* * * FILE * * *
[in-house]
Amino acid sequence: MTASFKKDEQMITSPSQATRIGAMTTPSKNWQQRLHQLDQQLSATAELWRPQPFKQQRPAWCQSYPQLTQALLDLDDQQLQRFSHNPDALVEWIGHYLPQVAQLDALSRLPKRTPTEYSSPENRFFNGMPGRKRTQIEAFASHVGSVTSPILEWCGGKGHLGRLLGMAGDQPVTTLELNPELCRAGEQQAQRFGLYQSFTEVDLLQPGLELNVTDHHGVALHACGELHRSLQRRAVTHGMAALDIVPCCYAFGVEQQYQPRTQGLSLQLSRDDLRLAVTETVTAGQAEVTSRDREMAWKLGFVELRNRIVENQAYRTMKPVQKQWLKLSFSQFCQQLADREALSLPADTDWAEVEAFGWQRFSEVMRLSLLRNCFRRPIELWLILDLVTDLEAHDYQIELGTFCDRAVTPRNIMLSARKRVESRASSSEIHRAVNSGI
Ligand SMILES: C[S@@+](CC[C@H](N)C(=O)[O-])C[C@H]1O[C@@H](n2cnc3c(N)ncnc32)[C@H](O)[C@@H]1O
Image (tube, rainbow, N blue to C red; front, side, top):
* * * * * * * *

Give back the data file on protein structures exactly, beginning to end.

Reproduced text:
[in-house]
Amino acid sequence: MTASFKKDEQMITSPSQATRIGAMTTPSKNWQQRLHQLDQQLSATAELWRPQPFKQQRPAWCQSYPQLTQALLDLDDQQLQRFSHNPDALVEWIGHYLPQVAQLDALSRLPKRTPTEYSSPENRFFNGMPGRKRTQIEAFASHVGSVTSPILEWCGGKGHLGRLLGMAGDQPVTTLELNPELCRAGEQQAQRFGLYQSFTEVDLLQPGLELNVTDHHGVALHACGELHRSLQRRAVTHGMAALDIVPCCYAFGVEQQYQPRTQGLSLQLSRDDLRLAVTETVTAGQAEVTSRDREMAWKLGFVELRNRIVENQAYRTMKPVQKQWLKLSFSQFCQQLADREALSLPADTDWAEVEAFGWQRFSEVMRLSLLRNCFRRPIELWLILDLVTDLEAHDYQIELGTFCDRAVTPRNIMLSARKRVESRASSSEIHRAVNSGI
Ligand SMILES: C[S@@+](CC[C@H](N)C(=O)[O-])C[C@H]1O[C@@H](n2cnc3c(N)ncnc32)[C@H](O)[C@@H]1O
Image (tube, rainbow, N blue to C red; front, side, top):